- I read the inside flap only after I’d read the whole book and I was frankly nonplussed by the amount of plot the blurb gave away. I mean, it’s under 260 pages, so to give away anything is too much. I read it from a position of almost complete ignorance. So if you too know nothing about this book, just read it first. I promise you’ll enjoy it more that way.
- All I knew about this was the following: John Scalzi is a good writer, who has a light, breezy style that can be very funny and is hard to replicate. Scalzi takes a hard thing and makes it look easy. I didn’t even know what a kaiju was, and my only clue was the dinosaur-like silhouette on the cover*.
- 258 pages, and yet the cover price for the hardback is £17. We’ve been here before, with the alarmingly slim Silverview by John Le Carré. £17 is a lot of money for something this slim. I did not pay this amount: in fact, someone loaned me their copy. I would not pay this amount, even though this is very entertaining.
- The friend who loaned me this copy recommended I read the Author’s Note at the end, first, which I did. Scalzi is very entertaining on how this book came to be and how the book he was supposed to be writing didn’t.
- Jaimie Gray works in marketing for a food delivery company. He goes in for his six month performance review, full of ideas about how to make more money for the company and is promptly fired. This is the realistic frame story to this book: there’s a pandemic, and precarious work is about to get even more precarious. Pointless office jobs are going to be revealed as truly superfluous to society’s needs. For Jaimie, the gig economy beckons.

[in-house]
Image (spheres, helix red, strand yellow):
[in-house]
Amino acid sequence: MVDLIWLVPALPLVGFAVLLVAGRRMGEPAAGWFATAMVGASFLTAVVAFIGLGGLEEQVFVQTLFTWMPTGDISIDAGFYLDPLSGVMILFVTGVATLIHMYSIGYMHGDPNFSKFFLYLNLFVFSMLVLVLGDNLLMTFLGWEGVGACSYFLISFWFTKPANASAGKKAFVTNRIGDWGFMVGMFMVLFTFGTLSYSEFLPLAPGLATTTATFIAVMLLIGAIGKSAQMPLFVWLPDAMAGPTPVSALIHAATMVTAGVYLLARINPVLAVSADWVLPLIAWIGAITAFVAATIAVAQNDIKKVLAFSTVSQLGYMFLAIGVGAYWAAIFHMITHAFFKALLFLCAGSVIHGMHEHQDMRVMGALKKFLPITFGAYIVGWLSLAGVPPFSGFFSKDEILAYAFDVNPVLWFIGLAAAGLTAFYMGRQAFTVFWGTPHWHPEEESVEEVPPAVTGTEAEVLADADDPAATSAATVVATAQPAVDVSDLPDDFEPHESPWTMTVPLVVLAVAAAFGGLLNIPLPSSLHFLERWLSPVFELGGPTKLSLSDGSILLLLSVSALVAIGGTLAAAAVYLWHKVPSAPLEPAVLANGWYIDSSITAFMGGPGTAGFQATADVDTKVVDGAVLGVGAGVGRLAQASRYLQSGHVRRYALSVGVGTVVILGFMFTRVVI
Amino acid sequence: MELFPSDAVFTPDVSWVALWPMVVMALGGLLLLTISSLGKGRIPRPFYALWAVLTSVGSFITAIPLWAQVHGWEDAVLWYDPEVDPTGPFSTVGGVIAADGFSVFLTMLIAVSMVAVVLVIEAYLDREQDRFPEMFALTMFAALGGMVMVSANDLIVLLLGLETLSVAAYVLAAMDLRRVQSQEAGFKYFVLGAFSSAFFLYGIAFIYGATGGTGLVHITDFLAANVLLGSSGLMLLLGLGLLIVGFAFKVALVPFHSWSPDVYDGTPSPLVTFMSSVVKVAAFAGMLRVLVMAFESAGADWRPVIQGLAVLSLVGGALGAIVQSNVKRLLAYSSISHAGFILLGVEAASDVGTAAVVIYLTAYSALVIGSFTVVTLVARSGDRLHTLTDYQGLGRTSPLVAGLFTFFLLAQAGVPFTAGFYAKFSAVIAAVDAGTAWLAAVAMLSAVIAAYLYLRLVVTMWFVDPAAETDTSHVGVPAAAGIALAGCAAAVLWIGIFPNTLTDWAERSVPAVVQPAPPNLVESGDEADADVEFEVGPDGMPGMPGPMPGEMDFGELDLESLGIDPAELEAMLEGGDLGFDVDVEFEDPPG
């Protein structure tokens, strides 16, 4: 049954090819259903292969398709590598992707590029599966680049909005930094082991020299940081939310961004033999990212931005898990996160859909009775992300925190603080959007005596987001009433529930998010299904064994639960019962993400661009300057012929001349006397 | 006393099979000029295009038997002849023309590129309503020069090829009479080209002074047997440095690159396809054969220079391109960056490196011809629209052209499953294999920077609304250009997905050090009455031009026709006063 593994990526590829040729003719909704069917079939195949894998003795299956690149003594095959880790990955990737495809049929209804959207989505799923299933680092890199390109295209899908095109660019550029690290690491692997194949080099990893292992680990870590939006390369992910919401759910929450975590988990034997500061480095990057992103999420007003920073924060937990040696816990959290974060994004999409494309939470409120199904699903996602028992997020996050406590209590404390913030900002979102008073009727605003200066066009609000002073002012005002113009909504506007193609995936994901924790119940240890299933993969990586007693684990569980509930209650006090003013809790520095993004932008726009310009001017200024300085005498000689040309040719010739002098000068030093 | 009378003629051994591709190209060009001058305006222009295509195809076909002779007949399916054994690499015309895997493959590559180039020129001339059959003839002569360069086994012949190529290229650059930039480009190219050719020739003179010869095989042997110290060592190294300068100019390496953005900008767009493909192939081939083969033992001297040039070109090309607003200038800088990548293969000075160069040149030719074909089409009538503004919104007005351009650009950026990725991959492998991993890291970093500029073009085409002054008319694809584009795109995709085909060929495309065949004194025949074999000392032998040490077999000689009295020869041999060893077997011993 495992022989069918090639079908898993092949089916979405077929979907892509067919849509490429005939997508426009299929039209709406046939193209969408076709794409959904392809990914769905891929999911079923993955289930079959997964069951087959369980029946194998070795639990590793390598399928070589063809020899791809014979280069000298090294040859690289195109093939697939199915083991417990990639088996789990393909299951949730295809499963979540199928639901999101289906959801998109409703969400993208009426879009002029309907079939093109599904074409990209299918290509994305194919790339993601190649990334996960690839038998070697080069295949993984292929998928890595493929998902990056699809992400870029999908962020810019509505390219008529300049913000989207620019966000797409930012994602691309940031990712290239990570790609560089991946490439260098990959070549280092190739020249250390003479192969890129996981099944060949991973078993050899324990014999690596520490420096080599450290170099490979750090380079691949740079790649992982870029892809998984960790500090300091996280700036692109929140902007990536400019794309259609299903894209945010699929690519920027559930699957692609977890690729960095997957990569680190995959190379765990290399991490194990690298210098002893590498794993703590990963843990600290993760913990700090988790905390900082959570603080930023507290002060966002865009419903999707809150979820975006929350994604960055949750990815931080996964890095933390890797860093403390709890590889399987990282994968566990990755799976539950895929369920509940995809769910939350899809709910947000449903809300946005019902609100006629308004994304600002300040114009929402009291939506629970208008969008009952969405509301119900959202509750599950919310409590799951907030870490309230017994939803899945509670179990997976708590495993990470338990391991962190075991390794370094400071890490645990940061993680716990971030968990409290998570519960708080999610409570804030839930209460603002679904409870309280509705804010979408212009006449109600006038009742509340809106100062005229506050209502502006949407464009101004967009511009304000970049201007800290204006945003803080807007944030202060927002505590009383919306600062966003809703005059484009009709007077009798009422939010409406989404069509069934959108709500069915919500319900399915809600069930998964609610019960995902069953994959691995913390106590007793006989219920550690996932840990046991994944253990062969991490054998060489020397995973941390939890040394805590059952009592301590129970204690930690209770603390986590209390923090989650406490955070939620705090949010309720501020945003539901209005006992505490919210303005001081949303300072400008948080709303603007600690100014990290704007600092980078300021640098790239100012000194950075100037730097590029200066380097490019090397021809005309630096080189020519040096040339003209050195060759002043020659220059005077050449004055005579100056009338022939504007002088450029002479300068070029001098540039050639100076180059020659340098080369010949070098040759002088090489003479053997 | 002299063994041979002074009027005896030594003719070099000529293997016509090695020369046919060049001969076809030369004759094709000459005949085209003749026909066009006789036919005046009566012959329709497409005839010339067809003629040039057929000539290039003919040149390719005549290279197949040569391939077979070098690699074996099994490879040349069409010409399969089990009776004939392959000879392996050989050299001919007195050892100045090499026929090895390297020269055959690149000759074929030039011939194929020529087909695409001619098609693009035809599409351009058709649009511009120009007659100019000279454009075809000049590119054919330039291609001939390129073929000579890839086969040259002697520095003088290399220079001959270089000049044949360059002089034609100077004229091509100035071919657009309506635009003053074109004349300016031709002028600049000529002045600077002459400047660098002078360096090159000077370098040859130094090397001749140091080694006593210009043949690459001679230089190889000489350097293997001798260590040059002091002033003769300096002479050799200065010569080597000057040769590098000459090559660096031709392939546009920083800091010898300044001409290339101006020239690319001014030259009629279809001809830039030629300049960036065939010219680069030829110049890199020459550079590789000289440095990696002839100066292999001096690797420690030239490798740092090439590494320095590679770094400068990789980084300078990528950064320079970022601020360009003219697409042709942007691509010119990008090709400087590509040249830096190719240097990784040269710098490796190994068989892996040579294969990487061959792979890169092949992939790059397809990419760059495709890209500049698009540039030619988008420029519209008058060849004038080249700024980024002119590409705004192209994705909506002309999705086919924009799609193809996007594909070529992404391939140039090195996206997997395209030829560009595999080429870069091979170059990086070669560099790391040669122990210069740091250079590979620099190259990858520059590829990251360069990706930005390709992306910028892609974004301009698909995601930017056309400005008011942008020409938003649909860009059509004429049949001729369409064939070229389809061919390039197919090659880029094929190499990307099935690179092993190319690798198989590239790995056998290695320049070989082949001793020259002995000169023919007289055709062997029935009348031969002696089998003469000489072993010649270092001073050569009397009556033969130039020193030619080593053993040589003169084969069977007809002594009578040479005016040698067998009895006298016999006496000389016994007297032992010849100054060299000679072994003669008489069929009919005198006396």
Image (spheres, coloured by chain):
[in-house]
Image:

- I don’t want to say more because it truly was a joy to read this knowing nothing about it. There’s a lot to be said for the complete media blackout. This is a quick read, a fun read, and you can’t help thinking that it would also make great telly. It’s full of cultural references (films, games, other books) that went right over my head, but I didn’t care.
*I really didn’t! I’ve never seen any of those films, never even been remotely interested. None of which matters at all.